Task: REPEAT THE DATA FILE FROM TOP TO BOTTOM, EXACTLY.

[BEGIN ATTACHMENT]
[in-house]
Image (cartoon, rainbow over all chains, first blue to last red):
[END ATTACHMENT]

[in-house]
Image (cartoon, rainbow over all chains, first blue to last red):